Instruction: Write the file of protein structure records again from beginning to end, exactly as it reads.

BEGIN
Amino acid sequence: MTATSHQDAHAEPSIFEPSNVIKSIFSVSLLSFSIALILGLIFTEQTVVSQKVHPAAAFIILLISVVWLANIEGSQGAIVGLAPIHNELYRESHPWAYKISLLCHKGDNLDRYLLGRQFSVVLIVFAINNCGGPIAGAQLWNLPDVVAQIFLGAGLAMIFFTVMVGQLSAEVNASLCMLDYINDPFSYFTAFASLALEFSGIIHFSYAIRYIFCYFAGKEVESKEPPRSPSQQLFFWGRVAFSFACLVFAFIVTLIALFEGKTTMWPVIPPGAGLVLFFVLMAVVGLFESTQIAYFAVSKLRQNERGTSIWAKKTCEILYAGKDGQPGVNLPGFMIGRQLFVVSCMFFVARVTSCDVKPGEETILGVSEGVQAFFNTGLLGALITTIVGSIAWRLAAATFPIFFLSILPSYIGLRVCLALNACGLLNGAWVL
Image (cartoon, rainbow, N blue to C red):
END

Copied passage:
Amino acid sequence: MTATSHQDAHAEPSIFEPSNVIKSIFSVSLLSFSIALILGLIFTEQTVVSQKVHPAAAFIILLISVVWLANIEGSQGAIVGLAPIHNELYRESHPWAYKISLLCHKGDNLDRYLLGRQFSVVLIVFAINNCGGPIAGAQLWNLPDVVAQIFLGAGLAMIFFTVMVGQLSAEVNASLCMLDYINDPFSYFTAFASLALEFSGIIHFSYAIRYIFCYFAGKEVESKEPPRSPSQQLFFWGRVAFSFACLVFAFIVTLIALFEGKTTMWPVIPPGAGLVLFFVLMAVVGLFESTQIAYFAVSKLRQNERGTSIWAKKTCEILYAGKDGQPGVNLPGFMIGRQLFVVSCMFFVARVTSCDVKPGEETILGVSEGVQAFFNTGLLGALITTIVGSIAWRLAAATFPIFFLSILPSYIGLRVCLALNACGLLNGAWVL
Image (cartoon, rainbow, N blue to C red):